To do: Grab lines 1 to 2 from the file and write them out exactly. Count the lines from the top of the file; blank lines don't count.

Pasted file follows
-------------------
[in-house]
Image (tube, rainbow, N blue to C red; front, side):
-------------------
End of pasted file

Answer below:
[in-house]
Image (tube, rainbow, N blue to C red; front, side):